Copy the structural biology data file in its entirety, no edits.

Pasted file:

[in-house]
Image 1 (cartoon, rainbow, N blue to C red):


[in-house]
Image 1 (cartoon, rainbow, N blue to C red):